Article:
SINGAPORE – There is no collusion among petrol retailers but prices can be more transparent, said the Competition Commission of Singapore as it proposed the development of a platform to allow consumers to better compare prices.
The commission said it will be working with relevant stakeholders, including petrol retailers, to develop a price comparison Web portal and/or mobile application, which according to a survey it conducted, could save motorists here $40 million a year.
This comes after it did a second inquiry into the petrol market. The findings were released on Tuesday (Dec 19).
A price comparison Web portal and/or mobile application with various retail petrol prices will, for instance, help consumers make more informed purchase decisions and encourage more transparent competition among petrol retailers, the commission said.
This is on the back of the potential entry of a fifth petrol retailer in Singapore, it added. The current four are Caltex, Esso, Shell and Singapore Petroleum Co (SPC).
The commission noted that those who monitor prices through comparison websites or mobile/tablet applications enjoyed even more discounts, compared with those who monitor prices through conventional means such as on-site displays or petrol retailers’ websites.
“Discount and rebate schemes are complicated and make price comparison difficult for consumers. If information on effective prices, that is, retail prices net of petrol discounts and rebates, was made simpler and available, consumers would be able to effectively compare prices and make more informed petrol purchase decisions,” it said.
“This would, in turn, facilitate a more price-competitive retail petrol market in Singapore, as petrol retailers would then be encouraged to offer better prices and promotions to attract consumers.”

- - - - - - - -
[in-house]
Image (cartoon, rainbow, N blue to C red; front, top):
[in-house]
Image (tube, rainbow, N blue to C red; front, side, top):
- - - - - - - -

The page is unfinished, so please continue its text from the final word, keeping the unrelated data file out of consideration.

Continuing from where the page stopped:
The commission’s second inquiry into the petrol market started in February 2015, when the price of crude oil declined from US$115 a barrel in June 2014 to a low of US$46 in January 2015.
Back then, the commission received feedback that retail petrol prices had not fallen in tandem with crude oil price declines.
The inquiry was conducted with input from petrol retailers, industry experts and motorists.
Revealing its findings on Tuesday, the commission said petrol retailers differentiate their prices through the use of discounts.
It noted that while listed retail prices are similar, prices could be lowered by 5 per cent to more than 20 per cent with various discounts and rebates offered under loyalty programmes.
Thus, there is high brand loyalty among consumers, the inquiry found, where 58 per cent of consumers surveyed did not switch petrol brands between 2012 and 2016. Only an average of one in five compared prices, the survey found.
The inquiry also said that there should be greater awareness among motorists about using the correct octane grades, as the survey showed that 63 per cent of motorists in Singapore purchased a higher grade of petrol than needed for their vehicles.
Studies have shown that using a higher petrol grade than recommended by vehicle manufacturers does not optimise engine performance, said the commission.
When contacted, Shell, SPC and ExxonMobil said they are studying the findings from the CCS.
A spokesman for ExxonMobil, which sells the Esso brand of fuels, said it is looking into how it can incorporate the recommendations.
An SPC spokesman said pump prices at its service stations are in line with prevailing market conditions.
“We monitor the market regularly and will periodically review and adjust prices and promotions to reflect market conditions and to offer competitive pump prices to the motoring public. “